We’re not against the police. We’re not against the police department, but we are against police who commit misconduct (and those who help cover it up).
They say when you see something, say something.
Los Angeles Police Chief Charlie Beck wants you to believe that after viewing the video he doesn’t want you to see of his officers beating, punching, and stomping 22-year-old Clinton Alford in South Los Angeles, that he was deeply concerned. In fact, he was so concerned that nine days after the incident happened and after the LAPD had time to swoop in and seize the raw footage of the beating, that he personally called Los Angeles County District Attorney Jackie Lacey to express his desire for her office to investigate the incident and to file criminal charges.
This is what I like to call convenient integrity.
In order to deflect criticism of the department, but really his leadership, Chief Beck is now attempting to align himself, using the media, with an America that’s outraged and disgusted with all of the numerous cases of police brutality happening from coast to coast.
It wasn’t that long ago that Chief Beck had the audacity to speak on the South Carolina police officer who fatally shot and killed Walter Scott and the video footage that captured the awful incident.
Beck said the video footage showed a “criminal act,” and said he also would have arrested the officer.
He then went on to say that “based on what I have seen, based on the video … it is a criminal act. It is well beyond any policies of the Los Angeles Police Department, and I would have done exactly what the chief in Charleston did. I would have arrested the officer.”
But remember. This is the same police chief that can’t ever open his mouth in a timely manner to speak intelligently on the numerous officer-involved-shootings and blatant cases of police brutality that take place on his watch and in his own backyard. But when it’s convenient, as in, this incident happened in another police department in another state, he decided to slither on into the news cycle with his two cents. Some of us saw it for exactly what it was.
Anybody with a pulse and who pays any attention at all to the shenanigans of those on the 10th floor of LAPDHQs knows that come rain or come shine, Chief Beck’s standard and consistent statements about anything controversial involving any of his officers has always been something to the tune of not being able to comment on it until the investigation is concluded. Always!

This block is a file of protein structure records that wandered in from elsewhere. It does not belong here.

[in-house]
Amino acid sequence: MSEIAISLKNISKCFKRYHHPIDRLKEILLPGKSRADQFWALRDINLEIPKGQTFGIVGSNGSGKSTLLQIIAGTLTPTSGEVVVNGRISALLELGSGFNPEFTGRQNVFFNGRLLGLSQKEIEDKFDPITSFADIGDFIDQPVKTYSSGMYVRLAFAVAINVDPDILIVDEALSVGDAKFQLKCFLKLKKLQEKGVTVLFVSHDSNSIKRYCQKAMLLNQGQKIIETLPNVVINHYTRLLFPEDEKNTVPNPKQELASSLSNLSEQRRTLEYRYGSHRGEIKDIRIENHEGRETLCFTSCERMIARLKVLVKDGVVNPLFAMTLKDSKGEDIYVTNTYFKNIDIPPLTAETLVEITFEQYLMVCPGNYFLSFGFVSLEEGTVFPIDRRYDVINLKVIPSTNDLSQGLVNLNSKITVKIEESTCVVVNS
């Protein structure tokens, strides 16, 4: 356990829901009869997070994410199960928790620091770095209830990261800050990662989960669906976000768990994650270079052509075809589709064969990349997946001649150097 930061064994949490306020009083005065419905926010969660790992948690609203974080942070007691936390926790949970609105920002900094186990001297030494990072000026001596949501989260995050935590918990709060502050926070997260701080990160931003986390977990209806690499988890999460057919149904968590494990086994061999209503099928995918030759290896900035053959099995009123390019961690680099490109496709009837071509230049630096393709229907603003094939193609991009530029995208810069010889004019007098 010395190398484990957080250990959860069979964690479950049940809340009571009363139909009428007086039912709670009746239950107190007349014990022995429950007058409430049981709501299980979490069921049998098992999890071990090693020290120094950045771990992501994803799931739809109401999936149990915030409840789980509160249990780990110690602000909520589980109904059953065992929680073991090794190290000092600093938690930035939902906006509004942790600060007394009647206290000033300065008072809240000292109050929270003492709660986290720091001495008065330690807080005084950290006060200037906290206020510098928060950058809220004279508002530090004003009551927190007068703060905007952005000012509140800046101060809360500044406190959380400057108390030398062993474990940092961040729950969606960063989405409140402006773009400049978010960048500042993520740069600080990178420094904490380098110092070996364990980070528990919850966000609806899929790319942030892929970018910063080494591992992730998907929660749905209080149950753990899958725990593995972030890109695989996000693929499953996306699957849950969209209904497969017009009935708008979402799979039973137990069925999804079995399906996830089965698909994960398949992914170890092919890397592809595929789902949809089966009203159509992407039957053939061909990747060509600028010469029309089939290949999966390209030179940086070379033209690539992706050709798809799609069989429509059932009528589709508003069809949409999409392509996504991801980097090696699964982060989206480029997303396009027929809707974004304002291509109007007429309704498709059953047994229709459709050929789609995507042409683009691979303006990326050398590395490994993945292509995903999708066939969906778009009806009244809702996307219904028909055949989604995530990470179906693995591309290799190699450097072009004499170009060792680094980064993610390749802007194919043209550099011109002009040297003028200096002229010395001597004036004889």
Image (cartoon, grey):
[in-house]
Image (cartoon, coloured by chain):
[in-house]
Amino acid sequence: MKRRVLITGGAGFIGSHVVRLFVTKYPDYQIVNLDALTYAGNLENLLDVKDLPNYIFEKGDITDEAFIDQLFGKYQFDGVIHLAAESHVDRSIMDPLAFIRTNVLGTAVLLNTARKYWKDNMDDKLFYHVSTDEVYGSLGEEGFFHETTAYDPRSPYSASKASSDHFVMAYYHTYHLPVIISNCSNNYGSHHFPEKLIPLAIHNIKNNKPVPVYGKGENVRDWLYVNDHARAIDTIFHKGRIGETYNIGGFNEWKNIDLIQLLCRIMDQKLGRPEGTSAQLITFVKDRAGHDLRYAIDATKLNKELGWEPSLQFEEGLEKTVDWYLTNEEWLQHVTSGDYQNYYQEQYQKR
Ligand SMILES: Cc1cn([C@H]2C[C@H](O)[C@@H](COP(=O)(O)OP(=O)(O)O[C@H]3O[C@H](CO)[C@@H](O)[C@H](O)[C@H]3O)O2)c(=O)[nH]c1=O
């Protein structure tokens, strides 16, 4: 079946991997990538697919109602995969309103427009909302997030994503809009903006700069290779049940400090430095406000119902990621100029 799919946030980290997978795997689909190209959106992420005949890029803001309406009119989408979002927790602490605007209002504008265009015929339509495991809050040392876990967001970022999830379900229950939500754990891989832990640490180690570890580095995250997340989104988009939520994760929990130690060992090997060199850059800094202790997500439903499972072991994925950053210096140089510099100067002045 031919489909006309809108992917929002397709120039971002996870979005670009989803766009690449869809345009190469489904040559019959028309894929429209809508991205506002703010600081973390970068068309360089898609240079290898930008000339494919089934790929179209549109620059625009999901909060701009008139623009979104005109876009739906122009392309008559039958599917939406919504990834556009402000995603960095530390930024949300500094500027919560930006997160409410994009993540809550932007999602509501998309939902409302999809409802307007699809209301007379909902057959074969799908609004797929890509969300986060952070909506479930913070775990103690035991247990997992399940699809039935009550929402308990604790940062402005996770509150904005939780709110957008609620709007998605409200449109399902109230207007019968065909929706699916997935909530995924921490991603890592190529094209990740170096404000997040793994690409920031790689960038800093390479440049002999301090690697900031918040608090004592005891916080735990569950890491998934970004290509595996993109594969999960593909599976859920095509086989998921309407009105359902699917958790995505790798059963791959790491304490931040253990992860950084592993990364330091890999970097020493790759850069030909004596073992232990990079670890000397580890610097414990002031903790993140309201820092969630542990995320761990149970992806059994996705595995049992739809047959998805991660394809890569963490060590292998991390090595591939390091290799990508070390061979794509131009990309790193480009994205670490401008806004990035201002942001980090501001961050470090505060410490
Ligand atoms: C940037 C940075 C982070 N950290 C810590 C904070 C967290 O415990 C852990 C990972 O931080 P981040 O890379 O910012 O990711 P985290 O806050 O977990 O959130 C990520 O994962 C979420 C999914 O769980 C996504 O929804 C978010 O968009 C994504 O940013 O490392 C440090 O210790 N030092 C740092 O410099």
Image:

When a camera inside of a LAPD patrol vehicle showed 19-year department veteran Southeast Division Officer Mary O’Callaghan kicking 35-year-old Alesia Thomas in the stomach and groin before she eventually died, Chief Beck wanted us to wait to until the conclusion of the investigation before rushing to judgment.
When two LAPD officers from the Foothill Division were caught on tape slamming a handcuffed 34-year-old Michelle Jordan down to the ground not once but twice, Chief Charlie Beck was concerned but wanted to fully investigate the situation.
When 25-year-old Ezell Ford was shot and killed by Newton Division officers, while begging for witnesses to come forward, Chief Beck repeatedly cautioned angry and fed up Angelenos to wait until the conclusion of the investigation.
But apparently, if I am to believe Beck’s most recent comments (which I don’t), it’s a new day up on the 10th floor and depending on your position that can be a good thing or a bad thing.
If you’re one of the rank-and-file men and women who serve in the LAPD, you might want to have a conversation with your League representatives sooner than later. Because it’s clear to me anyway, that in order to save his own ass and whether you’re innocent or guilty, Beck will throw you under the bus in his attempt to jump on the bandwagon with other police chiefs who have actually taken swift action in the face of something so undeniably egregious. Investigation concluded or not.
It looks and sounds a lot like this: “I contacted personally the district attorney and expressed my desire for her folks to not only look at this case but to file criminal charges. We have to keep in mind that the ultimate goal is justice here. And we want the justice system to be able to address this use of force, which I believe is a criminal act.”
If you’re a civilian under the watchful eye of the LAPD you need to be concerned about Beck’s about-face because if he was sincere, it wouldn’t only be a concern to him when the video is public or about to be public but when he first sees the video. Remember, this man waited nine days to come clean about the Alford beating and he only did so once it was clear the news had been leaked outside of the department. He had that video in his possession according to court documents on Oct. 17. The beating was Oct. 16. The “concern” was announced on Oct. 24.
I feel the same way good cops do about bad cops. Good cops know that bad cops make all of them look bad. They want to see them gone just as much as the folks protesting them do. But I despise even more anybody who would use the tragic deaths of people at the hands of the police to pass themselves off to the public as being concerned in an attempt to ward off attention and criticism of their own failed leadership. That’s what I call pathetic and being opportunistic and makes Chief Beck no better than the ambulance chasing attorneys and news van chasing activists he himself seems to despise so much.